Drab Is a Color | Newberry

Drab Is a Color

So I have been much involved with family mementos during this viral lockdown. Not mine—you won’t catch me trying to bring order into my own files—but those of other people.

On the one hand, I have been working my way through family papers on Newberry Transcribe. These are letters, diaries, and such from collections which have been sent to the Newberry. Handwritten documents can be difficult, so this is an online effort to get the texts of these documents transcribed to allow better access to researchers, online textual indexing, and so forth. This can never replace the original document for research, of course—in the end it will be up to the individual reader whether the author wrote “Birthday card from Mary” or “Birthday card from Marcy.”

At the same time, I have been disposing of a lot of family photos which have turned up at the Book Fair over the years. Many of these were accidental, tucked into the back of a book for safekeeping in 1924, some were intentional. (One of our volunteers, when he moved, simply sorted out all unlabeled photographs that no one could identify, and sent them to us. If his family didn’t know the faces, they weren’t family any more.) One or two collections, I suspect, were the work of artists who simply roamed from garage sale to garage sale, buying interesting pictures for their reference files.

Sales have been reasonably brisk, prompting several people to ask, “How come, Uncle Blogsy? If the family members didn’t care, why does anybody else? Why not just throw them away?”

I get the same with some of the documents in Newberry Transcribe. We don’t all witness Presidential addresses every week, nor do we walk into crime scenes. A LOT of these diaries run to: “Monday. Warmer. Tuesday. Cooler, Cloudy, no rain” for page after page. “Why would anybody EVER want to read that, Uncle Blogsy? Wouldn’t the Newberry be better off if it just threw that stuff away? There’d be room for good stuff.”

You aren’t here to stop me, so I will mention again the visitor who saw a pristine copy of a book from the 1880s on trout fishing in upstate New York. “No one’s ever going to read that,” he said. “Why do you keep it?”

The curator told him, gently, “We prefer not to censor culture.”

The thing is that we cannot guess what generations yet to come is going to want to research. These boring portraits of ladies dressed up for the photographer may be a goldmine one day for art historians researching ears. (Kenneth Clark once noted that if an alien race judged us only by the paintings we left behind, it would conclude that females of our species had a tendency to be earless in alternating generations. See, in some eras, hairstyles covered the ears and then new fashions would reveal the ears, only to be followed by…you see his point.)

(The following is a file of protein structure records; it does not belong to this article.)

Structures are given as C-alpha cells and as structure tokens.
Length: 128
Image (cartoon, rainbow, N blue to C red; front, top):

I sold one photo of an absolutely ordinary-looking young man in a suit. Even the suit was not especially interesting, and his collar and necktie, allowing for a hundred years of fashion shifts, were especially ordinary.

But I glanced at the bottom of the picture and my mouth popped open. he photographer had cropped most of his feet from the photo, but just about four inches of his right boot still showed. And the boot of this ordinary young man was ornamented with a metallic floral pattern gaudy enough to suit a champion rodeo rider or top 40 country western singer. Was this what any Lutheran businessman in Sweden would have been wearing in 1893? (Date and religious persuasion are guesses of mine, but the photo WAS taken in Stockholm.)

Similarly, those letters and diaries from Middle of Nowhere, Nebraska in 1893 are data as well. To someone who is doing research on the drought of 1897 or the Financial Panic of 1893, the humdrum notes tell what the average citizen thought of it all. One particularly boring young man writes of how his state was nearly split by political rancor in the capitol (the legislators who had been voted out of office in November were refusing to give up their seats to the newly elected statesmen, and it was very dodgy for several days.) This young man makes note of this, but mentions what he knows he knows from what people were saying on the street. The threat of violence never really impinged on his daily routine. And THAT is something a researcher would find interesting.

This is not to say the Newberry wants all those letters full of advice that your Aunt Booney sent you in the 1990s, nor that I want you to rush to your closet and get me all the photos you don’t remember taking. Hold off a hundred years and call us back. Retro-boring is all we have room for.

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